Terms, Coefficients, DegreeReference > Mathematics > Algebra > Polynomials
In this unit we will explore polynomials, their terms, coefficients, zeroes, degree, and much more. Here we will begin with some basic terminology.
Term: A term consists of numbers and variables combined with the multiplication operation, with the variables optionally having exponents.
Examples: The following are examples of terms.
3, 3x, -2xy, 51x3z, x5, 14x-2
Numerical Coefficient: This is often abbreviated to just "coefficient." A coefficient is the numerical value in a term. If a term has no coefficient, the coefficient is an unwritten 1.
Examples: For each term below, the coefficient is stated.
3: the coefficient is 3. In this case, there are no variables, and we often refer to this as a "constant" term.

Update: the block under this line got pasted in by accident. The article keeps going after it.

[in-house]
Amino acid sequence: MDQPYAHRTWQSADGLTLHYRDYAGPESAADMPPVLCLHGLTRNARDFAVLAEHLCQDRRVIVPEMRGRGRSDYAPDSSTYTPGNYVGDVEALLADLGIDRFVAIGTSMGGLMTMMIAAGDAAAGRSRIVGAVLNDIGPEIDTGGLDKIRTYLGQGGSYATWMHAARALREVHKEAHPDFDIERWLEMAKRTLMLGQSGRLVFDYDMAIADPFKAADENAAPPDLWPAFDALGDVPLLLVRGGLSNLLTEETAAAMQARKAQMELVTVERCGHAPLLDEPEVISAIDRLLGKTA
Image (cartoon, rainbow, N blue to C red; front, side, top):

10x: the coefficient is 10.
15x2y: the coefficient is 15.
Coefficient of x: If we refer to a specific variable when talking about a coefficient, we are treating everything else besides that variable (and its exponent) as part of the coefficient.
Examples: Below are examples of terms with the stated coefficient.
Coefficient of x in 14x3y is 14y.
Coefficient of y in 14x3y is 14x3.
Coefficient of x in 12x is 12. Note that if there is only one variable, "coefficient of x" is the same as the numerical coefficient.
Degree of a term: The sum of the exponents of the term's variables. If a variable has no exponent written, the exponent is an unwritten 1.
Examples: The following are terms, with their degree stated and explained.
3: degree = 0, because there are no variables, and therefore no exponents with variables.
3x: degree = 1, because there is an unwritten exponent (1) with the x.
-2xy: degree = 2, because there are two unwritten exponents, one for each variable.
51x3z: degree = 4, because the exponents are 3 and 1.